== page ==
provided by iStock

This person has made no attempt to hide their disdain for your relationship. They now disrespect you as well. Tell them your relationship is none of their business and get out of there. If they don’t like your partner, that’s cool — they’re not dating them!

10. “Managed to find a better apartment yet?”

provided by iStock

Just because this person has the Bank of Mom and Dad to fund their rent payments, doesn’t mean it gives them license to comment on your renting situation. It’s mean-spirited to ask questions that imply that they think you live in a dump.

11. “Glad you didn’t feel the pressure to clean up.”

man giving woman advice

provided by iStock

Oof. First of all, it’s very likely that you did neaten the place up. Second of all, no real friend will ever say this — it’s snide and snippy. If a person says this to you, they shouldn’t be invited back.

12. “It’s best if I do the cooking this time.”

guy cooking woman dinner

provided by iStock

A slap in the face if there ever was one. This is typically a phrase issued by a (potentially well-meaning) parent who hasn’t learned the proper boundaries with their children yet. While they may think of their kids as still being young, it doesn’t make it less offensive! Remind your mother that you are, in fact, a moderately capable human being.

13. “What’s it like to be single?”

couple on dinner date

provided by iStock

This phrase smacks of gawping passers-by at the zoo, assessing some exotic species of rat that they haven’t come across yet. It’s patronizing and acts as though it’s unnatural or newsworthy to be single. Nonsense! They haven’t been in a relationship since coming out of the womb, after all.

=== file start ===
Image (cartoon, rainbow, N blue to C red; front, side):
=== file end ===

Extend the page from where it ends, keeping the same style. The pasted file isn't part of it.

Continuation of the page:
14. “Are your parents still doing your laundry?”

couple eating dinner date

provided by iStock

It’s always the rich brats who think they’re doing some superior socio-political commentary by asking this, as if they aren’t on their parents’ payroll, staying at their beach house in Miami. Fine, let the people with far too much privilege throw rocks in their glass houses.

15. “Come to Pilates this week. It’ll do you good.”

how to be good friends with your ex

provided by iStock

This is more insidious and subtle than it seems. On the surface, it’s a kind offer. However, all it does is allow the person to feel good about making this offer to you as their community service. They secretly implying that you need to be “fixed” by their idea of performative wellness, and it’s just not right.

16. “Fallen off the wagon again?”

provided by iStock

I cannot fathom how some people think it’s appropriate to comment on people’s addiction journey, particularly if they’re on a downward turn. Offering support in a safe space is one thing, but bringing it to everyone’s attention is embarrassing, offensive, and frankly dangerous.

Enjoy this piece? Give it a like and follow Bolde on MSN for more!

Hannah has a Masters degree in Romantic and Victorian literature in Scotland and spends her spare time writing anything from essays to short fiction about the life and times of the frogs in her local pond! She loves musical theatre, football, anything with potatoes, and remains a firm believer that most of the problems in this world can be solved by dancing around the kitchen to ABBA. You can find her on Instagram at @_hannahvic.